(How King Henry the second is my 24 x great grandfather and Prince Charles is my 17th cousin!)
When I first started searching my Parsons family tree over thirty years ago now, I could not find great grandad Newton Parson’s father. I spent ages searching the heavy tomes in St Catherine’s house in London. ( How much easier it is now to access records with the internet!)
I checked all possible years without success and so I gave up on the Parsons’ line for a while and searched another more fruitful line.
But then one day I had a stroke of luck, and this is why it is so important to ask relatives about family trees before starting your tree and before it’s too late.
My great uncle Reg Parsons was still alive at the time and when my Aunt Ena told him I was looking into the Parsons tree and wondered if he could help he said to her, ‘we’re not Parsons we’re Caplins.’ She had no idea what he meant and nor did I until a few months later when I thought I’d try to look for my missing Parsons ancestor again.
I was looking at the IGI index for Parsons in Surrey and I suddenly noticed the baptism of a Peter Parsons Capon in 1814 in Charlwood to a Samuel Parsons and an Ann Capon. Hmm I thought Capon sounds a lot like Caplin. Could this be the Parsons connection I am looking for?
On further investigation I discovered another ten children christened under the surname ‘Parsons Capon’ to a Samuel and Ann.
I then checked the original parish register for Charlwood and realised that Peter Parsons Capon was my great great grandad, Newton’s father.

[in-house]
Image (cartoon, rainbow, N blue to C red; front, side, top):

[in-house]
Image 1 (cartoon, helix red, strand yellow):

Great Grandad Newton Parsons 1859-1919 and Great Gran Phillis nee Sayers 1858-1945 on right of photo.
He was born in 1826 in Charlwood. His father Samuel Parsons had in fact married an Elizabeth Bacon Dobson in 1810 but a few years later was having children with Ann Capon, hence they were all christened under the surname ‘Parsons Capon.’
Samuel Parsons never divorced Elizabeth. I don’t know why, perhaps she refused on religious grounds. I found her on the 1841 census living in Reigate with her sister in law, Elizabeth Poppey.
Sadly Ann Capon died aged just forty years in 1833. Samuel was left to bring up the children on his own. He was quite a wealthy farmer and on the 1851 census was living at Amberley Farm, Charlwood with various servants. He never remarried but interestingly was recorded on the 41 and 51 census as still married. It was not until 1861 that he was recorded as a widower. I think Elizabeth must have therefore died sometime between 51 and 61.
It is through the Ann Capon line that I am connected to royalty.
Ann’s great grandmother was a Hannah Caryll born in Rusper in 1701. The Carylls were an old important land owning family in Sussex. They originally came from Ireland in the 1400’s when the surname was O’Caroll (this could explain some of the 19% Irish DNA that I have!) Besides Rusper, they settled in places such as Harting, Warnham and West Grinstead.
They were devout Catholics and supporters of the old religion. They often gave shelter to priests, hiding them in the priest holes in their houses. Priests often disguised themselves as servants so that they could secretly carry out the mass. One of these Caryll residencies was Warnham Place. The Carylls were the squires of Warnham for over 150 years and built up great wealth from the iron industry. The Caryll chapel was built in St Margaret’s Church in Warnham by John Caryll in about 1480 and dedicated to his wife Margaret.
Hannah Caryll married John Capon in 1722. Her grandfather was Philip Caryll ( 1642-1688) who married Margaret Erle.
Philip Caryll’s mother was Catherine Petrie whose mother was Katherine Somerset.
Katherine, and her sister Elizabeth, were maids of honour to Queen Elizabeth 1st.
She married William Petre, (2nd Baron Petre) in 1596 at Essex House. Her sister Elizabeth also married at the same time. The poet Edmund Spenser wrote his Prothalamion for this special occasion. You can imagine my delight on hearing the poetry connection as I am a poet myself!
More later in part two!